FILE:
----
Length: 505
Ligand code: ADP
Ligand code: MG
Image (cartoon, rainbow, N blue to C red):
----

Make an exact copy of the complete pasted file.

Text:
Length: 505
Ligand code: ADP
Ligand code: MG
Image (cartoon, rainbow, N blue to C red):